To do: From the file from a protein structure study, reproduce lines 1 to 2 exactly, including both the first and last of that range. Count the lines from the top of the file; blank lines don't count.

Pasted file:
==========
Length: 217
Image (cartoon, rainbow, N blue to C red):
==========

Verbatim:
Length: 217
Image (cartoon, rainbow, N blue to C red):